Sidney Jones, the corner from Washington, was going to be my pick.
At the combine, he separated himself as the top corner in this draft and would have been a great pick for the Eagles at 14. There was a good chance he would be the best player available and he would fill an immediate need.
Complete coverage of the Philadelphia Eagles and their NFL rivals from NBC Sports Philadelphia.
So much for that. At his pro day this weekend, Jones tore his Achilles and with it, the top corner in this draft was lost. The Eagles won't be taking him in the first round. Now, maybe they could grab him in a later round if they're OK with a redshirt year, but it's pretty clear the Eagles have an immediate need at the position. Maybe they'll be out on him entirely.
With the best corner off the board, how does it change the draft?
Here's a round-by-round look at some Eagles draft targets:
Round 1: No. 14
Marshon Lattimore, CB, Ohio State (6-0, 193)
You're already mad at me because there's no way Lattimore is still on the board at 14. And you might be right. Many think he'll come off in the top 10. But if teams are concerned about his hamstrings -- and they'd have a legitimate fear -- maybe he falls to the Eagles in the middle of the first round. Clearly a first-round talent but there are questions about his health.
Dalvin Cook, RB, Florida State (5-10, 210)
Here's the guy every fan seems to want. I think Leonard Fournette would be a waste in Philly because of Doug Pederson's offense, but Cook would fit really well. He has the potential to be a true three-down guy who can be featured in the offense. Is he Zeke Elliott? No. But there aren't many who are.
Ray Didinger made the argument Monday for why, if Cook is available at 14, the Eagles should take him instead of a corner.
Mike Williams, WR, Clemson (6-4, 218)
Even though the Eagles went out and picked up a couple free agent wideouts, they aren't married to them long-term, so the chance for a WR is still pretty good. Williams is a big target, just like Alshon Jeffery. If the team brings him in, he'll have a chance to learn from the player the Eagles would hope he grows to be.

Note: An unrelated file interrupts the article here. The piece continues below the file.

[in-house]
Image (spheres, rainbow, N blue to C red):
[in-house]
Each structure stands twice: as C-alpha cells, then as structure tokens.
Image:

Derek Barnett, DE, Tennessee (6-3, 259)
Barnett will probably be off the board by this point, but if he isn't, the Eagles should pounce. No, defensive end isn't the biggest need, but it's still a need. The Eagles cut Connor Barwin and right now have Vinny Curry in the starting lineup with Marcus Smith as the top backup. Barnett could grow into an elite pass-rusher.
Tre'Davious White, CB, LSU (5-11, 192)
Some are going to say this is too early for White, but I think he's going to be a first-round pick. By the time the draft comes, I don't think it would be crazy to think of him as a pick around 14. He could reunite with Jalen Mills in Philly.
Round 2: No. 43
Fabian Moreau, CB, UCLA (6-0, 206)
While Florida's Teez Tabor ran a sluggish 4.6-plus 40 time, Moreau was incredible at the combine, running a 4.35. That time is even more impressive considering his pretty big frame. He's a great athlete and could make an immediate impact in Philly.
Chris Godwin, WR, Penn State (6-1, 209)
The Nittany Lions' star ran a 4.42 at the combine and has impressive college tape that backs it. He's worked himself into being a second-round pick.
Alvin Kamara, RB, Tennessee (5-10, 214)